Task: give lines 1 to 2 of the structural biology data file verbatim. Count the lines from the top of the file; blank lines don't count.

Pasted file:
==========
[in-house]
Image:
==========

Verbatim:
[in-house]
Image: